For the first time in history, the United Auto Workers is on strike with all three of the Detroit 3 automakers – Ford, General Motors and Stellantis – at the same time, capping off a summer of hot labor.
Some key insights from the union negotiations:
The good old days of negotiating with unions in private are over. Now, companies must prepare for public battle across social media and in the news. It’s critical to have strategies to engage all stakeholders and deploy rapid response plans to correct disinformation when your message is under fire.
The labor movement is now bigger than any one company or industry and there has been a resurgence of labor activism. Workers are emboldened by tight labor markets and inflation, pushing for higher wages and better benefits across several high-profile campaigns spanning industries including railroad, logistics, Hollywood and manufacturing along with efforts to unionize in new areas such as banking and video games.
Terms of the contract are not the only issues that are front and center. Broader macro themes are taking shape across negotiations including income inequality, the executive to employee compensation gap, the threat of AI and technological disruption, and the shift to clean energy from traditional jobs.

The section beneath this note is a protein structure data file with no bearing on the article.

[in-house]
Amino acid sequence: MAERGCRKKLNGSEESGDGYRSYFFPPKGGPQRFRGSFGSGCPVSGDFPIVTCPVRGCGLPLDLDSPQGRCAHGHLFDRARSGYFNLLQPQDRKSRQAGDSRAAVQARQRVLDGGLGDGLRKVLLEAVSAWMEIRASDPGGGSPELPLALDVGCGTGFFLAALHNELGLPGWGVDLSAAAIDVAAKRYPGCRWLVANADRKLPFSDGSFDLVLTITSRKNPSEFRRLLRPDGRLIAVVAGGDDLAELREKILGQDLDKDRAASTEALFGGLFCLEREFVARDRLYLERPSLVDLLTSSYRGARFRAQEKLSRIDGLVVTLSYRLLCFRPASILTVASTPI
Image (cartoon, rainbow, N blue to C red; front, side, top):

All labor is politics, especially ahead of the 2024 election. Notably the UAW has so far withheld their endorsement for the next presidential race. With a strike underway, bothsides of the aisle have weighed in. President Joe Biden expressed support for union workers while attempting to strike a balance with the auto companies, who are embracing green energy policies and leading the shift to EVs. Additionally, former President Donald Trump has been courting the union’s endorsement.